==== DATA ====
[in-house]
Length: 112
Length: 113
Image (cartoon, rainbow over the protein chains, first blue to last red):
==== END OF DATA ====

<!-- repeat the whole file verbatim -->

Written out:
[in-house]
Length: 112
Length: 113
Image (cartoon, rainbow over the protein chains, first blue to last red):